Once the ill-prepared Chris McCandless arrives in Canada in April 1992, we understand that his days are numbered. Watching him mostly unsuccessfully trying to keep himself warm and feed himself, I was reminded of another film about Timothy Treadwell, another idealistic but hapless soul who succumbed to the elements in the Alaskan wilderness. Werner Herzog’s “Grizzly Man” documents the life and death of another soul who sought spiritual purity in an environment that was drawn more from Hobbes than Thoreau. After living among and video recording the bears of Katmai National Park in Alaska for approximately 13 seasons, Treadwell and his girl-friend were finally attacked and eaten by a hungry bear.

Park rangers considered Treadwell to be a nuisance as well as a hazard to himself and other people. The only surprise was not that he was eaten, but how long it took. Comparing “Grizzly Man” to “Into the Wild” reveals Treadwell to be far better prepared. He was always well-stocked with food and other supplies. Apparently, McCandless’s knapsack contained mostly rice and books when he made his fatal walk into the woods.

In an article that appeared in the Independent newspaper on April 11, 1993, long before “Into the Wild” was published, Krakauer reported:

Alex seemed excessively ill-equipped for the rugged conditions of the interior bush, which in April still lay buried under the winter snowpack. He admitted that the only food in his pack was a 10lb bag of rice. He had no compass; the only navigational aid in his possession was a tattered road map he had scrounged at a petrol station, and when they arrived where Alex asked to be dropped off, he left the map in Gallien’s truck, along with his watch, his comb, and all his money, which amounted to 85 cents. ”I don’t want to know what time it is,” Alex declared. ”I don’t want to know what day it is, or where I am. None of that matters.’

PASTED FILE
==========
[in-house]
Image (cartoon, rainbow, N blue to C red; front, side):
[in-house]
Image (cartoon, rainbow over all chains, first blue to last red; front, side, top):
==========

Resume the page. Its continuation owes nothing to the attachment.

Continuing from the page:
As someone who has spent the better part of 40 years opposing the violence and greed of American society, I had deeply ambivalent feelings toward Chris McCandless. I admired his dedication to his principles but despaired of his failure to understand the society he lived in and, more importantly, his own limitations.

Many years ago, I became aware of a trial involving a young man who had committed murder during a psychotic break. Like Chris McCandless, he had hitch-hiked around the country in search of spiritual purity, a goal that he sought to achieve through meditation and the copious use of psychedelic drugs. During his trial, the prosecutor tried to establish his guilt on the basis of drug use. He explained to the jury that if you lose touch with reality through hallucinogens, this does not excuse you from criminal culpability. It is similar to killing a pedestrian while driving drunk.

The defense attorney tried to establish his innocence on the basis of a long-standing schizophrenic condition. Long before mental patients began to be thrown into prison, the trial took place at a time when “diminished capacity” would be a basis for a not guilty plea. The defendant could look forward to a long stay, perhaps permanently, in a mental institution.

The defense attorney brought in a forensic psychiatrist who explained to the jury that spiritual quests are typical of those suffering from schizophrenia. The desire to get close to God or to the Universe, the desire to relinquish worldly goods, the desire to wander, etc. were all symptoms of mental illness. At the time, I noted to myself that if this was true, it spoke volumes about the intractable ills of American society since millions of young people were also exhibiting the very same symptoms as the psychotic killer. While R.D. Laing is not fashionable any longer (for all the right reasons), he still made some sense when he described insanity as “a perfectly rational adjustment to the insane world.”